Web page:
It’s not time to panic, but state officials do need to keep an eye on the bottom line.
For the first time in two years, revenue collections for Oklahoma fell compared to a year ago.
In March, collections were $921 million, down less than $3 million from March 2011.
The fall is the result of a decline in the gross production tax on oil and natural gas. Revenue from that tax fell by 36 percent in March.
Energy accounts for about one-third of the state’s economy, according to Oklahoma Treasurer Ken Miller.
Lawmakers working on next fiscal year’s budget are using a figure of $3.64 per thousand cubic feet of natural gas, while the price is less than $1.90 per thousand cubic feet.
The drop in natural gas prices has been offset by high crude oil prices.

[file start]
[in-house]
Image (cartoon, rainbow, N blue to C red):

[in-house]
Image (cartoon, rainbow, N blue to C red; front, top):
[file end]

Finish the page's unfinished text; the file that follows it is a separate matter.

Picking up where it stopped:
Other revenue categories also were down in March.
Personal and corporate income tax collections totaled $342 million, $5 million less than March 2011.
Personal income tax collections were up $3.5 million from the previous year, but corporate collections were down almost $9 million.
Sales tax receipts, though, were substantially higher than in the previous year, coming in at 15 percent more in March.
One month of declining revenue does not make a trend, but lawmakers need to watch the situation.
After several years of budget cuts for state agencies, we can’t over-extend ourselves now.